BACKGROUND OF THE INVENTION
It is desirable to control the rate of transfer of heat across the walls of a bottle or other container to control the rate at which a chilled liquid is warmed by ambient air outside the container and to control the rate at which a heated liquid in the container is cooled.
SUMMARY OF THE INVENTION
The present invention is a single-use container for holding a liquid, such as a disposable bottle for a consumer beverage. The container has a wall and is composed of a suitable material, such as a plastic. A surround member engages the wall of the container. One or more annular rings are defined by the surround member. Each annular ring in combination with the wall of the container defines an interior volume that contains air or other gas. The air or other gas contained in the interior volume of the annular ring acts to slow the transfer of heat to and from the interior of the container. An annular reinforcing member separates and supports the wall of the container and the corresponding annular ring. The number and location of the annular rings is selected to achieve a desired overall rate of heat transfer across the wall of the container.
The annular rings may be formed by the wall of the container and the surround member in combination, as described above. Alternatively, separately-formed gas-filled annular rings may be added to a container, either individually or as an array of annular rings. The annular rings also may serve the purpose of providing an improved gripping surface to help a user to retain the container in his or her hand. As used in this application, the term ‘gas’ includes air.
BRIEF DESCRIPTION OF THE DRAWINGS
The accompanying drawings, which are incorporated in and form a part of the specification, illustrate the embodiments of the present invention and, together with the description, serve to explain the principles of the invention.
FIG. 1 is a cutaway side view of the first embodiment of the Invention.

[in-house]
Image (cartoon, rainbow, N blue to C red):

FIG. 2 is a detail cross section of the first embodiment.
FIG. 3 is a second detail cross section of the first embodiment.
FIG. 4 is a side view of a second embodiment
FIG. 5 is a detail cross section of the second embodiment.
FIG. 6 is a detail cross section view of a third embodiment.
FIG. 7 is a second detail cross section view of the third embodiment.
DETAILED DESCRIPTION OF AN EMBODIMENT
In describing an embodiment of the invention, specific terminology will be selected for the sake of clarity. However, the invention is not intended to be limited to the specific terms so selected, and it is to be understood that each specific term includes all technical equivalents that operate in a similar manner to accomplish a similar purpose.
Referring to FIG. 1, a container 2 holds a liquid 4. Container 2 is sealed with a conventional removable cap 6. Container 2 is composed of a transparent or translucent plastic or other suitable material. Container 2 has a wall 8 that has an outer surface 10. Surround member 12 engages outer surface 10 of wall 8. Surround member 12 defines a plurality of annular rings 14.
Referring to FIG. 2, each annular ring 14 defines an interior volume 16. Each interior volume 16 is filled with air or with another suitable gas 18. An annular reinforcing member 20 engages the outer surface 10 of wall 8 and also engages surround member 12. Annular reinforcing member 20 serves to reinforce annular ring 14 and to prevent annular ring 14 from collapsing during handling of container 2.
Decisions made in the design of a specific application of the Invention may render use of the annular reinforcing member 20 unnecessary, such as selecting a material for the surround member 12 or dimensions of the surround member 12 sufficient to maintain a pre-selected shape of annular ring 14.
FIG. 3 illustrates an application dispensing with the reinforcing member 20. Surround member 12 engages wall 8 outer surface 10 of container 2. A plurality of annular rings 14 are defined by surround member 12. Each annular ring in combination with the outer surface 10 of wall 8 defines an interior volume 16. In the application of FIG. 3, a surround member 12 is composed of a material that is adequately stiff to maintain the shape of annular ring 14 during ordinary handling of container 2.